Silly Season was straightforward this year. Alexander Rossi stays with Andretti. Done. Wrap it up. Look to next year. Today, with McLaren’s announcement that they are joining Arrow Schmidt Peterson for 2020, the dam has burst. There are ripples throughout the paddock. Here are some of my thoughts about this development.
McLaren has a lot to prove after their debacle in May. Will partnering with Schmidt Peterson help them?
I’m disappointed that McLaren does not add to the car count. I’ve said before they are looking to come in the easy way, becoming part of an existing team instead of building their own team with a technical alliance with an established team.
It’s a shame the way Honda’s hand was forced to make this deal happen. I can’t think of a Chevy team that would be a good match for McLaren. I’m not sure they even considered one.
My first concern was for James Hincliffe and Robert Wickens. In Marshall Pruett’s story, he said that the commitment to Wickens will be honored. Later this morning, Hinchcliffe issued the following statement:
I hope he also has a contract extension. Hinchcliffe’s current contract expires after the 2020 season. He also is losing his Honda commercial deal. I hope that he receives compensation for that.
Marcus Ericsson was likely going somewhere else anyway. he may be in a carlin car next year. Which brings up the question- who will drive the second car for the new team? Fernando Alonso said he is not interested in a full time Indycar ride.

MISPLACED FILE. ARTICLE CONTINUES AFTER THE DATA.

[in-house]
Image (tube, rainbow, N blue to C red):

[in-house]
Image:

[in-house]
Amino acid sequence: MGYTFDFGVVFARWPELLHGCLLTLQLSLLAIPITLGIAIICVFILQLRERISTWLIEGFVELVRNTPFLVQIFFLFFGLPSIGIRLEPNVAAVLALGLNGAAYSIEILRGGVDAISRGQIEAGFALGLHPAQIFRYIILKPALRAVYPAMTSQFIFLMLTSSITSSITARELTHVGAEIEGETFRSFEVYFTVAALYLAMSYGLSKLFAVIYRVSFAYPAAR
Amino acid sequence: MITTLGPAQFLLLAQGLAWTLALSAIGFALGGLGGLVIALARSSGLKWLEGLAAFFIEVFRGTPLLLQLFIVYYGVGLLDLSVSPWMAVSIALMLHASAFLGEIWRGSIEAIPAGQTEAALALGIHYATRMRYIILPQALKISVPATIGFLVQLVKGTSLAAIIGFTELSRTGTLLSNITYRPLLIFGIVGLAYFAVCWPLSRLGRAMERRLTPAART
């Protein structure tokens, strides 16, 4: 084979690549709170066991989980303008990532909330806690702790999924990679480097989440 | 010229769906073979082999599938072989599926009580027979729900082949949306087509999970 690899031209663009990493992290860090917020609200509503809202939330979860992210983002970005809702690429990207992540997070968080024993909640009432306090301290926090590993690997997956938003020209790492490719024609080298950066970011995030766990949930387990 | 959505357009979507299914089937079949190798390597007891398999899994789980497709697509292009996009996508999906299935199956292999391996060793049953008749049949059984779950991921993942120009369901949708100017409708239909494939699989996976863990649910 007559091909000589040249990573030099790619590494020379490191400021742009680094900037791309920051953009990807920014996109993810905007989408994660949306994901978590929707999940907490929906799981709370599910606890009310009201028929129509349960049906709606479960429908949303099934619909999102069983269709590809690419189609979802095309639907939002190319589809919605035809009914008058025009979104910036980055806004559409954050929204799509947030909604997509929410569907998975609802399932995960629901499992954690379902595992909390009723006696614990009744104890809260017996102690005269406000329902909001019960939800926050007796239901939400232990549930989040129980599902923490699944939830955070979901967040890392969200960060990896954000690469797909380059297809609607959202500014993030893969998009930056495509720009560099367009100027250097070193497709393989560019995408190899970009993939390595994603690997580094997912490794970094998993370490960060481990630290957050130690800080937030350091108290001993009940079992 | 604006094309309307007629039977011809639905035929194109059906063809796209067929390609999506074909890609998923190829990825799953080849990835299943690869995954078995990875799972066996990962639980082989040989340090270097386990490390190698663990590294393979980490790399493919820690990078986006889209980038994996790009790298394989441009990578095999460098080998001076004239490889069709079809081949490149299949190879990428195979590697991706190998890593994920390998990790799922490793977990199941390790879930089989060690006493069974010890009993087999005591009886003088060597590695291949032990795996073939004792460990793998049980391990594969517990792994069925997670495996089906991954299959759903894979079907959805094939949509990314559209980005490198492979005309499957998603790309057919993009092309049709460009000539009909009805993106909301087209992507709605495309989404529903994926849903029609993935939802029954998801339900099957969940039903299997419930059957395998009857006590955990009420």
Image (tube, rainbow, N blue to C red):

Colton Herta may be available, but I think he will become the fifth driver at Andretti Autosport. If he is, is Conor Daly once again out of a potential full time ride? It’s those paddock ripples splashing up.
With whom does Meyer Shank now partner with as they prepare for a full schedule in 2020? The team is committed to Honda. An alliance with Andretti or Coyne seems most probable. I don’t think Ganassi is interested in being anyone’s partner.
The new team name is Arrow McLaren Racing SP. It bothers that mcLaren comes before Schmidt and Peterson and that the two founders names are reduced to initials. Since mcLaren is buying the team or acquiring the shares of either owner, I guess it’s a name recognition thing.
The biggest positive in today’s events is that Indycar now has a worldwide name in its paddock. it should help with recognition in Europe and may cause a bit of a bump in the United States.
I will keep updating as i learn more. Everything I just wrote could be incorrect by now.